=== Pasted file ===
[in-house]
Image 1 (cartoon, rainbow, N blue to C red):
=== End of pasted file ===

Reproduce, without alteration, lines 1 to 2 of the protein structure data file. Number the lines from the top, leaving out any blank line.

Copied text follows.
[in-house]
Image 1 (cartoon, rainbow, N blue to C red):